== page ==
The move in yields is opposite to the one in bond prices, so that means investors are buying bonds, looking for security just when they should be feeling more upbeat about the economy.
What really has been a telling move, in addition to the sharp drop in rates, is the movement in one technical measure watched by bond pros — the "yield curve." In this case, the spread between the two-year note yield and the 10-year yield, has narrowed or flattened, and gotten near levels it was at right around the election.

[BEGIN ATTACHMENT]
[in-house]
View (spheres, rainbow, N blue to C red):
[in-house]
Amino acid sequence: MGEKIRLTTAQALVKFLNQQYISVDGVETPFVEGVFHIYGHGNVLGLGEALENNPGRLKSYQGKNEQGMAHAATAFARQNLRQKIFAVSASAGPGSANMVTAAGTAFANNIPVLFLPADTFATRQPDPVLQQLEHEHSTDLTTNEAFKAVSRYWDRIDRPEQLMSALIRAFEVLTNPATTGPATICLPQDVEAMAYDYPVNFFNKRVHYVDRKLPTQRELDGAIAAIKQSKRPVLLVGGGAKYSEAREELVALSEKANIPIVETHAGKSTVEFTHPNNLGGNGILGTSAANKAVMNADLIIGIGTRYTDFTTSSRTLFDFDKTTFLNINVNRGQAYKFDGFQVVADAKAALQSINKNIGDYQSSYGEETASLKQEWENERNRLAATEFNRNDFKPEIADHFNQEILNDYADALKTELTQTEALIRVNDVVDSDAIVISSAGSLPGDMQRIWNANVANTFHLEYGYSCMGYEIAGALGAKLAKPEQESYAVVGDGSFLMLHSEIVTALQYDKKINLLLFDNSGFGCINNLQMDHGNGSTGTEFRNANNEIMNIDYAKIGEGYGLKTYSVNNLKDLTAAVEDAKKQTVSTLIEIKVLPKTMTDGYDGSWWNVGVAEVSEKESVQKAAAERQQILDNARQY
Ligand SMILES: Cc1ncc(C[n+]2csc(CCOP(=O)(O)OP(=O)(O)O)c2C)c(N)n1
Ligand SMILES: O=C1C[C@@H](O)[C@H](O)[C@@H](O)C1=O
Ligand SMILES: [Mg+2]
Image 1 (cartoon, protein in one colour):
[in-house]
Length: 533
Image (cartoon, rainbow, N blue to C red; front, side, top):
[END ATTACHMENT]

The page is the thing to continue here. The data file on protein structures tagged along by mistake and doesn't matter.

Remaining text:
This means that longer-term debt is yielding much closer to short-term bonds. For instance, the current spread of 1.14 between the two is well below the 1.35 it was at in December, when the markets were convinced Trump policies would deliver hearty growth and stocks and risk assets would continue to rise.
Strategists say one of the reasons for this "flattening" move, often associated with economic softness, is uncertainty about the Trump agenda. This week's divide between Republicans over health care has highlighted that concern. Another factor is that the Fed is moving forward with at least two more interest rate hikes this year, and some central bank officials are looking for even more.